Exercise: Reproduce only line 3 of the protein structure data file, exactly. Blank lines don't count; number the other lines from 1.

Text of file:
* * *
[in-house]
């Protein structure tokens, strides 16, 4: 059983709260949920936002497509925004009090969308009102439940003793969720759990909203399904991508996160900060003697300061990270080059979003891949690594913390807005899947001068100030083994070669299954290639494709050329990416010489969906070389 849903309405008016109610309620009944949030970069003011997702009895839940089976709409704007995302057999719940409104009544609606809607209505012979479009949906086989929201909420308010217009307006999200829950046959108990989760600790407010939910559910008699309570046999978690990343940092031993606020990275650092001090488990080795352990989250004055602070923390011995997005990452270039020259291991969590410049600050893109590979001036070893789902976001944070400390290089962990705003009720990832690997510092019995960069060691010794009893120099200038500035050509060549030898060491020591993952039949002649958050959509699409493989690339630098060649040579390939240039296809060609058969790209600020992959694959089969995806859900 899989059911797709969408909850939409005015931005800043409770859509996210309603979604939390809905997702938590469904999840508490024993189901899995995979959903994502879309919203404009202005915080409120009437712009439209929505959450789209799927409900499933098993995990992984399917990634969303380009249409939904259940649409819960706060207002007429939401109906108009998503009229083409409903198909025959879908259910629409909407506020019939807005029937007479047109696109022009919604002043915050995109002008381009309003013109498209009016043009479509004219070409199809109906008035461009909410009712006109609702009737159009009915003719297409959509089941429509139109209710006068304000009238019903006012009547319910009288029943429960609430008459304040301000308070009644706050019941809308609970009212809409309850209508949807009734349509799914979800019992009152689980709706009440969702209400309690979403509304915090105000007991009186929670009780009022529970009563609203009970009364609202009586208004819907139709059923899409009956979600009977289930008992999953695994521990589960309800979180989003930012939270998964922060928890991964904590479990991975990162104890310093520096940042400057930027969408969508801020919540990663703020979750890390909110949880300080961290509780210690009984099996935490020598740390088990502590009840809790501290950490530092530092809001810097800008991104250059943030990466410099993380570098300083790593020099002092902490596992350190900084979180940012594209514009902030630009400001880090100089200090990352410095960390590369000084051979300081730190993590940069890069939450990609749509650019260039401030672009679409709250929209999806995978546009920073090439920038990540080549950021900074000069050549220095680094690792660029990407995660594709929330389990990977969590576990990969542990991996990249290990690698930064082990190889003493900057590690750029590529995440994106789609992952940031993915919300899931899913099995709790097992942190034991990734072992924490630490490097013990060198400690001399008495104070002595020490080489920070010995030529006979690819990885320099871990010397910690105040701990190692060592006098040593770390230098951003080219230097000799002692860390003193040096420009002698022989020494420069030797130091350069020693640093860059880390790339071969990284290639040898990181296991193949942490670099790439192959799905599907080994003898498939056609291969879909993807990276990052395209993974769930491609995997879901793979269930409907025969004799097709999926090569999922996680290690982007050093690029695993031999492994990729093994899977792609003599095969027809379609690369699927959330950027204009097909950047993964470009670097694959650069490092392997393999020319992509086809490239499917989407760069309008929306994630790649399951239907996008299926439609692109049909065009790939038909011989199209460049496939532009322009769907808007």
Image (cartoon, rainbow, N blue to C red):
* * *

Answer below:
Image (cartoon, rainbow, N blue to C red):